A Dictionary of the English Language
                        A Digital Edition of the 1755 Classic by Samuel Johnson
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Rant (verb)

View Scan · View Transcription · from page 1636

View Scan · View Transcription · from page 1636

To Rant. v.n. [randen, Dutch, to rave.] To rave in violent or high sounding language without proportionable dignity of thought.

Look where my ranting host of the garter comes; there is either liquor in his pate, or money in his purse, when he looks so merrily. Shakesp. Merry Wives of Windsor.

Nay, an thoul't mouth, I'll rant as well as thou. Shak.

They have attacked me; some with piteous moans, others grinning and only shewing their teeth, others ranting and hectoring, others scolding and reviling. Stillingfleet.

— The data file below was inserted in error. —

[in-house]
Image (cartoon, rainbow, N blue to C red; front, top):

Sources: Shakespeare's Hamlet (60) · Shakespeare's Merry Wives of Windsor (95) · Stillingfleet, Edward (38)

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Cite this page: Johnson, Samuel. "Rant (verb)." A Dictionary of the English Language: A Digital Edition of the 1755 Classic by Samuel Johnson. Edited by Brandi Besalke. Last modified: November 16, 2012. http://johnsonsdictionaryonline.com/?p=4324.


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